Useful Techniques for Reusing an Old Garden Hose

Think of other uses for your hose in your yard before you throw it away.
You might have no qualms about discarding the stiff, cracked old hose that lay outside all winter while you get your yard ready for spring, but think twice before doing so and put it to another use in your yard. Here are four useful approaches to accomplish that.

Protect young plants

Use bits of an old garden hose to secure the small trees you plant this spring to their stakes if you want them to grow into larger ones. Instead of utilizing store-bought tubing for this project, Wilson Bros Gardens advises using old hose pieces. To keep the tree trunk and its stake connected until it is large enough to support itself on its own, cut a slit in the side of a segment of hose and wrap it around the two. The flexibility of the hose will enable the tree to develop without restricting its movement.

Establish chain covers

A length of an old hose that has been cut open is excellent for making chains more gripping and less hazardous to fingers, whether you use them for outdoor labour or to support the swings on your children’s jungle gym. If at all possible, Reader’s Digest advises threading the chain through one of the hose’s open ends; however, if that is not an option, simply cut a split in the hose and wrap it around the metal, securing it with a few zip ties.

Defend all types of blades.

Make an excellent, affordable blade protection out of a length of cut-open hose before storing your ice skates for the summer. This also helps to protect and maintain saw blades sharp. In fact, this kind of protection can be used to keep any tools or blades sharp whether in storage or transit.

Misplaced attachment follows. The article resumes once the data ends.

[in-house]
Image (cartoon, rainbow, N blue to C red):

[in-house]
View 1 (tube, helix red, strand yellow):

Create a novel type of hose

A hose doesn’t have to be worthless because of one hole in it. It is suggested in One Good Thing by Jillee to cut a few extra holes in it so that you may turn it into a soaker hose that you can place in your garden to serve as a temporary irrigation system. Make holes all the way down the rubber using a small drill bit, and then screw a hose cap onto the end. Every few days, run it for around 30 minutes at the base of your plants to give them a deep watering.

By burying a length of hose with holes in it in the soil of a potted plant, you may also use it as an in-pot watering system. Water the plant gradually down to its roots by pouring water into the exposed end.

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